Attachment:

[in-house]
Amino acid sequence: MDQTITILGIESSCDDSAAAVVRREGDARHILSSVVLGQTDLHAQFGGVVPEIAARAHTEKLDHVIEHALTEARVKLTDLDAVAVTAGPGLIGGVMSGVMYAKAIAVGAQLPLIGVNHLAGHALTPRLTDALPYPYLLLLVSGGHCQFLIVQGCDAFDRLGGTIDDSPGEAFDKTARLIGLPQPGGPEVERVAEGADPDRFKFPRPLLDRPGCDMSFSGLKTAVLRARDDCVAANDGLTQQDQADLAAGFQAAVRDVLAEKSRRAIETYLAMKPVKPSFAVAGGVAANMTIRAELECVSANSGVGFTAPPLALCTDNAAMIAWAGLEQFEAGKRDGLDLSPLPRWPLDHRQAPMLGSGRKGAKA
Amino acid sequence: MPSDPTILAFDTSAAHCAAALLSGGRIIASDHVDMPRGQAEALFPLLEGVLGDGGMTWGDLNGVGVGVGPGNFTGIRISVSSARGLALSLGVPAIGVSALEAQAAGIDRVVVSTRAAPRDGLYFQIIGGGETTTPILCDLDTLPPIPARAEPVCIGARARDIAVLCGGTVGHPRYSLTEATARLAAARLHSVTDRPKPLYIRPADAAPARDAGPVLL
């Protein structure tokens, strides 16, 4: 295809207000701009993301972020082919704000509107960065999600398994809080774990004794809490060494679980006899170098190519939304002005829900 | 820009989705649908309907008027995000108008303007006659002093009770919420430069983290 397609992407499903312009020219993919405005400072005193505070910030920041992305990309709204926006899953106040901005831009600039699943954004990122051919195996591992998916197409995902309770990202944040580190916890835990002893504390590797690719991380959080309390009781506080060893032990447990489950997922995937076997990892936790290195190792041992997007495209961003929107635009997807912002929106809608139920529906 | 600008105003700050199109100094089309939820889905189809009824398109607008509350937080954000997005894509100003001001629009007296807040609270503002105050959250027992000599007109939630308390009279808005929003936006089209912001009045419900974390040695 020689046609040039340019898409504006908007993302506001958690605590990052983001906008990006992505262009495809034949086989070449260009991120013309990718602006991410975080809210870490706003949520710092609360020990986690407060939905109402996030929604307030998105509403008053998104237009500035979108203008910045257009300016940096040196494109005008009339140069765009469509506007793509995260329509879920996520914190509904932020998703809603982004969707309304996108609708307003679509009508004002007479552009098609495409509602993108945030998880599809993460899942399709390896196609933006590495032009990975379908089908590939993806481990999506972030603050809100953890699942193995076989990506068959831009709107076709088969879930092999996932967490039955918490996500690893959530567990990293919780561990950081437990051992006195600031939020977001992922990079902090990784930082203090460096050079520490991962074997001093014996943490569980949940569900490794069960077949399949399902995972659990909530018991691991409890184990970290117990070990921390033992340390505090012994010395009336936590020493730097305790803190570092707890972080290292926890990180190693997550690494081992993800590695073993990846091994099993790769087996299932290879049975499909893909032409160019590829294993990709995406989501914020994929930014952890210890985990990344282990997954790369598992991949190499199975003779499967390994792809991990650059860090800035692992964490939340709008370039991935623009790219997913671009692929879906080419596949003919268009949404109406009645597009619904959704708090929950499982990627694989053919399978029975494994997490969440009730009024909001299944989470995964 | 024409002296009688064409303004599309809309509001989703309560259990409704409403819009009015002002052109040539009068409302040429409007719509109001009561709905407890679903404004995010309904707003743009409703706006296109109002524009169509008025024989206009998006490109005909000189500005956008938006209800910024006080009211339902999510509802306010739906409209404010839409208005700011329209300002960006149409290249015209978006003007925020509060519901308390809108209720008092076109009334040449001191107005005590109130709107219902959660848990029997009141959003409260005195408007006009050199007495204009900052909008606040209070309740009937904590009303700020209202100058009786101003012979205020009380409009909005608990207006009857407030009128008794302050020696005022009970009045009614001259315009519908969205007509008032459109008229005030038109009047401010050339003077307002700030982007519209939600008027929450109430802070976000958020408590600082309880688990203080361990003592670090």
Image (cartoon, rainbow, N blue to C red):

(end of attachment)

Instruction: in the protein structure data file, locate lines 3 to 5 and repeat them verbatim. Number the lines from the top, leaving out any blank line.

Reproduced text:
Amino acid sequence: MPSDPTILAFDTSAAHCAAALLSGGRIIASDHVDMPRGQAEALFPLLEGVLGDGGMTWGDLNGVGVGVGPGNFTGIRISVSSARGLALSLGVPAIGVSALEAQAAGIDRVVVSTRAAPRDGLYFQIIGGGETTTPILCDLDTLPPIPARAEPVCIGARARDIAVLCGGTVGHPRYSLTEATARLAAARLHSVTDRPKPLYIRPADAAPARDAGPVLL
């Protein structure tokens, strides 16, 4: 295809207000701009993301972020082919704000509107960065999600398994809080774990004794809490060494679980006899170098190519939304002005829900 | 820009989705649908309907008027995000108008303007006659002093009770919420430069983290 397609992407499903312009020219993919405005400072005193505070910030920041992305990309709204926006899953106040901005831009600039699943954004990122051919195996591992998916197409995902309770990202944040580190916890835990002893504390590797690719991380959080309390009781506080060893032990447990489950997922995937076997990892936790290195190792041992997007495209961003929107635009997807912002929106809608139920529906 | 600008105003700050199109100094089309939820889905189809009824398109607008509350937080954000997005894509100003001001629009007296807040609270503002105050959250027992000599007109939630308390009279808005929003936006089209912001009045419900974390040695 020689046609040039340019898409504006908007993302506001958690605590990052983001906008990006992505262009495809034949086989070449260009991120013309990718602006991410975080809210870490706003949520710092609360020990986690407060939905109402996030929604307030998105509403008053998104237009500035979108203008910045257009300016940096040196494109005008009339140069765009469509506007793509995260329509879920996520914190509904932020998703809603982004969707309304996108609708307003679509009508004002007479552009098609495409509602993108945030998880599809993460899942399709390896196609933006590495032009990975379908089908590939993806481990999506972030603050809100953890699942193995076989990506068959831009709107076709088969879930092999996932967490039955918490996500690893959530567990990293919780561990950081437990051992006195600031939020977001992922990079902090990784930082203090460096050079520490991962074997001093014996943490569980949940569900490794069960077949399949399902995972659990909530018991691991409890184990970290117990070990921390033992340390505090012994010395009336936590020493730097305790803190570092707890972080290292926890990180190693997550690494081992993800590695073993990846091994099993790769087996299932290879049975499909893909032409160019590829294993990709995406989501914020994929930014952890210890985990990344282990997954790369598992991949190499199975003779499967390994792809991990650059860090800035692992964490939340709008370039991935623009790219997913671009692929879906080419596949003919268009949404109406009645597009619904959704708090929950499982990627694989053919399978029975494994997490969440009730009024909001299944989470995964 | 024409002296009688064409303004599309809309509001989703309560259990409704409403819009009015002002052109040539009068409302040429409007719509109001009561709905407890679903404004995010309904707003743009409703706006296109109002524009169509008025024989206009998006490109005909000189500005956008938006209800910024006080009211339902999510509802306010739906409209404010839409208005700011329209300002960006149409290249015209978006003007925020509060519901308390809108209720008092076109009334040449001191107005005590109130709107219902959660848990029997009141959003409260005195408007006009050199007495204009900052909008606040209070309740009937904590009303700020209202100058009786101003012979205020009380409009909005608990207006009857407030009128008794302050020696005022009970009045009614001259315009519908969205007509008032459109008229005030038109009047401010050339003077307002700030982007519209939600008027929450109430802070976000958020408590600082309880688990203080361990003592670090």
Image (cartoon, rainbow, N blue to C red):